“Words without actions are the assassins of idealism.” ― said President Herbert Hoover nearly a century ago. It was if he was addressing his present day successor Donald Trump’s inadequate response to the Covid-19 pandemic.
Posts by Paul Smith
At first they nodded and smiled as usual on our daily walks. Nothing unusual there, it’s our neighbourhood.
But then the pandemic arrived and didn’t leave. For a few days we were confused and offered the same greetings, though we all knew nothing would ever be the same.
A very long time ago when I was an NBR media commentator, a senior Treasury official asked me what I thought about the future of TVNZ. I told him that its hyper-commercialism was driving viewers away; that people were sick and tired of ads and much of the network’s ratings-driven programming.
He paused, stroked his chin and looked into the distance. “Hmm” he said. “Here, we would call that a long term strategic loss.”
Bushfires still burn in Oz; Brexit vexited the Brits, and in America a new King was crowned by Republican Senators. You could sense an uprising to the elevation of President Donald to King Donald. Tears flowed and jeers echoed on both sides of the Atlantic, courtesy of television. These were passionate issues and sometimes you had to pause to wonder who, or what, lay behind them.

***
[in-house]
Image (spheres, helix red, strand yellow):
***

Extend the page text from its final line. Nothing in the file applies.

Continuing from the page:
But no worries, because Down Under the Aussies showed that their sense of humour couldn’t be extinguished….
It took the devastating Australian bushfires to bring home to the country’s politicians that perhaps, maybe, they had to update their thinking on climate change. Perhaps, because that thinking remains dominated by an ideology which increasingly looks untethered to present day realities. Below are some of those realities:
We sat on a wide verandah and looked out on a backyard. Backyard? This one was huge, park-like and its green flowed past crimson flowered jacarandas on both sides for more than an acre. Finally it gave way to a to a lily-covered billabong under the shade of towering ghost gums.
He boarded the outbound 737 from Auckland looking out of place and time.
He was a Buddhist monk, replete with flowing brown robes, practical sandals and on his left wrist, corded bangles. Not a sober sort, he joked with other passengers as he settled into his seat. One asked him what religion he belonged to. A pause.